There are no areas of Paramaribo that can be considered completely safe. Criminals move without restriction into and out of neighborhoods where expatriates live, often utilizing scooters or motorcycles to evade police. Armed robberies and armed home invasions occurred within one block of Embassy residences. There were also reports of guard dogs being poisoned in order to facilitate burglaries. There have not been any confirmed reports of burglaries at homes where official Americans reside or at homes that employ 24-hour residential security guards.
Criminals often carry firearms or other weapons and will use them, especially if victims resist. In 2017, a visiting French diplomat was seriously injured after resisting a robbery attempt. Handgun permits are very difficult to obtain, but many criminals have handguns. Shotguns, the only firearms normally owned by civilians, are also frequently used in the commission of crimes. Although illegal, gun traps are used for hunting purposes in the interior.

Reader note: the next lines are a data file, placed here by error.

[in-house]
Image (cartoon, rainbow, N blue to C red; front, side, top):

There have been reports of criminal incidents in the vicinities of the major hotels. Guests at major hotels have reported thefts of personal items from their rooms and from common areas (restaurants, bars, gyms, pools). Several expatriates were robbed at gun point while walking in close proximity to popular hotels.
Organized crime does exist in Paramaribo but is on a smaller scale than other cities in the region.
Areas of Concern
It is advised that visitors avoid walking in the Paramaribo downtown area and the Palmentuin (Palm Garden) after dark, as these areas are often used by criminals targeting foreigners.
Travel to the interior of the country requires caution. Anyone venturing into the interior is advised to have a seasoned guide and some form of communication. Services offered through major hotels and tourist agencies are usually safer and more reliable. There have been reports of tourists and foreigners being robbed while traveling in the countryside and occasional reports of bandits on rural roads.